As such, you put off the conversation for months. You focus on planning the wedding. You try to think about what to say. Then, three days before the ceremony, you finally get the nerve to have that conversation. You present your significant other with a draft of the prenup and ask them to sign it.

Social media can be a legal minefield during divorce

It may seem that social media is a normal part of many lives. Many in Arizona check their Facebook and other accounts and post their daily events first thing in the morning, throughout the day and at the last moment before going to bed. However, those going through a divorce may want to exercise more caution about their social media posts if they want to avoid complicating their legal issues.

The list of contacts may be called friends, but someone going through a divorce may find that those monitoring their social media accounts are anything but friends. More often lawyers use social media posts and pictures as evidence in divorce trials. For example, a night out with friends during this stressful time may seem like a relaxing idea until pictures of a parent drinking or impaired appear on social media. Any posts that suggest a parent is unfit may severely damage a bid for custody.

Estate planning documents should be regularly revisited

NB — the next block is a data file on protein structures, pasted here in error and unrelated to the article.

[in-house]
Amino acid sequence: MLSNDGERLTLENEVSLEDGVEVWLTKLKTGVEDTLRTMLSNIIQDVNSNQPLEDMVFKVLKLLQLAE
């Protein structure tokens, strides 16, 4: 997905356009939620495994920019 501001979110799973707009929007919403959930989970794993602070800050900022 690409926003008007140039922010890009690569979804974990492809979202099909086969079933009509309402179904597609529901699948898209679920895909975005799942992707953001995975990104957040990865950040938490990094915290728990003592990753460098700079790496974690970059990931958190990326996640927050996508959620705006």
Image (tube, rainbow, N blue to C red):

The task of settling one's affairs is not one that most people relish. In many cases, Arizona residents may feel that, once estate planning is done, it only needs revised if there is a major change in circumstances. However, it is recommended that these plans are reviewed on a regular basis to ensure that they are current with changes in tax laws and that they confirm with one's current needs and wishes.

The process of setting up detailed estate documents may feel like a chore that only needs to be addressed once. In light of the recent tax code changes, people may find that old plans will not provide the tax savings and protections that were intended. Furthermore, even seemingly small changes in relationships or life circumstances may necessitate updates to these vital documents. Financial professionals suggest that clients regularly review their personal situations and financial well-being in order to update estate plans as needed.